How to identify patients with advanced SM and its subtypes
Because of the wide range of clinical manifestations of this disease, a diagnosis of advanced systemic mastocytosis (advanced SM) often begins with the following assessments1:
Serum tryptase level
Bone marrow (BM) biopsy for mast cell infiltration
KIT D816V mutational testing (including allelic burden)
Evaluation for organ damage (especially liver and spleen)
The associated haematological neoplasm is frequently a myeloid disease, such as an overlap myelodysplastic–myeloproliferative disorder, and often indicates multilineage involvement of KIT D816V2
Organ damage findings, also known as C-findings, include: 1. BM dysfunction manifested by one or more cytopenia(s) (absolute neutrophil count <1.0 x 109/L, haemoglobin <10 g/dL, or platelets <100 x 109/L, but no obvious non–mast cell hematopoietic malignancy. 2. Palpable hepatomegaly with impairment of liver function, ascites, and/or portal hypertension. 3. Skeletal involvement with large osteolytic lesions and/or pathological fractures. 4. Palpable splenomegaly with hypersplenism. 5. Malabsorption with weight loss due to gastrointestinal (GI) mast cell infiltrates.1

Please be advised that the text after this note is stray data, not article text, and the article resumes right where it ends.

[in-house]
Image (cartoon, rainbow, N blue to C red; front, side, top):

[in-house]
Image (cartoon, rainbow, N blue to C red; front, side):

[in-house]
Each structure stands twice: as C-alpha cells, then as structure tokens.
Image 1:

ASM, aggressive systemic mastocytosis; MCL, mast cell leukaemia; SM-AHN, systemic mastocytosis with an associated haematological neoplasm.
References: 1. Pardanani A. Systemic mastocytosis in adults: 2017 update on diagnosis, risk stratification and management. Am J Hematol. 2016;91(11):1146-1159. 2. Gotlib J, Kluin-Nelemans HC, George TI, et al. Efficacy and safety of midostaurin in advanced systemic mastocytosis. N Engl J Med. 2016;374(26):2530-2541.